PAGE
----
Since its original publication in 1843, Charles Dickens’ A Christmas Carol has been adapted many times for film, stage and television, in both musical and straightforward versions. It has been spoofed, relocated to different places and times, turned into a Mickey Mouse cartoon and even Muppet-ized.
In the new production making its world premiere at the Playhouse San Antonio, directors Anthony Ciaravino and Timothy Hedgepeth made the decision to go back to the source material for inspiration — and it’s an excellent choice, resulting in a splendidly pure staging of the classic tale that rightly places the emphasis on Dickens’ memorable words.
It looks striking, too. Darkness dominates the production, as well it should. It’s a ghost story, after all — an English holiday tradition.
London in the time of Dickens was a miserable, smoke-filled place where the only illumination was provided by flickering candles and gas lamps. Here, Sam and Steve Gilliam’s effective scenic design utilizes a multiple-level construction and effective backdrops to evoke the chilly winter streets and Scrooge’s cavernous, gloomy mansion. Pat Smith’s excellent lighting and sound design incorporate vocal distortion, gels and fog effects to give the spirits their otherworldy appearance, while Laura Briseno and Rose Kennedy provide the appropriate period costuming.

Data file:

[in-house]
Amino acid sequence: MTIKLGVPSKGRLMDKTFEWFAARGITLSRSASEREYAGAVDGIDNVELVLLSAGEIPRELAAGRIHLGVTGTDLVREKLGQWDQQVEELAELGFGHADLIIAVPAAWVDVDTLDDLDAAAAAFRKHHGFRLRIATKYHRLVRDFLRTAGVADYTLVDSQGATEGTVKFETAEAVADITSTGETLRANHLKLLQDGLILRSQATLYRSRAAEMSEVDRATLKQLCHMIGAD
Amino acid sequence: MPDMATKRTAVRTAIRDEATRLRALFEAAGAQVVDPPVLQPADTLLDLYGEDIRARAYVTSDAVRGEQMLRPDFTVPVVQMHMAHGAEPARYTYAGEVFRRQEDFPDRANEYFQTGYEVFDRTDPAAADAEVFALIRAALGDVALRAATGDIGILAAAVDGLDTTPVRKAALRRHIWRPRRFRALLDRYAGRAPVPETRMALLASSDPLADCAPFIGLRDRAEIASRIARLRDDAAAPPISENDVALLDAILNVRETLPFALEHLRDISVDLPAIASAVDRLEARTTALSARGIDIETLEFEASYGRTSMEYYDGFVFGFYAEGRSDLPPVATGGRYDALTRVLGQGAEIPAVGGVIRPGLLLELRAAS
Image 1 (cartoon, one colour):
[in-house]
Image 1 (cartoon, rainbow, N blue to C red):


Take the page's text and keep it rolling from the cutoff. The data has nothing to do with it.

The ensemble cast is impressive. Vincent Contrell’s bombastic Ghost of Christmas Present is certainly a sight to behold, and Angela Hoeffler is an appropriately wraithlike Ghost of Christmas Past. Rick E. Frederick gets the most dramatic entrance as the wailing, fright-wigged Jacob Marley, while Grant Bryan and Christina Casella are sympathetic as the Cratchits. Ty Mylnar registers well as the younger Scrooge, transforming from idealistic youth to covetous moneylender, as does Cristyn Carr as his heartbroken fiancé, Belle. Welcome humor is provided by the narrators of the story (Erin Polewski and Benjamin Scharff) and Gloria Sanchez-Molina as Scrooge’s harridan of a housekeeper. Andrew Thornton wisely underplays the role of the legendary miser, which makes his ultimate transformation all the more satisfying.
Best of all, after so many years of seeing so many different variations of the story (with varying success), it’s a pleasure to see a straightforward, reverent and admirably dark presentation.
A Christmas Carol plays Fridays and Saturdays at 8 p.m. and Sundays at 3 p.m. through December 21 at the Playhouse San Antonio, 800 West Ashby Place. Tickets can be obtained online or by calling the box office at (210) 733-7258.[amazon template=iframe image&asin=1580495796]